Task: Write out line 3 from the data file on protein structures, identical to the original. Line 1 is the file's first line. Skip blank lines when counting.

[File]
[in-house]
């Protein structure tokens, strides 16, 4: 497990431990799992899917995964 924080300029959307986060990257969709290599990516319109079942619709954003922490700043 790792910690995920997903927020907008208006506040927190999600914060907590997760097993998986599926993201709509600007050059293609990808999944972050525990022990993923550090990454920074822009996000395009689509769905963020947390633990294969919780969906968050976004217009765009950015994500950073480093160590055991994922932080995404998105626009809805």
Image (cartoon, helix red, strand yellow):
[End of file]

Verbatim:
Image (cartoon, helix red, strand yellow):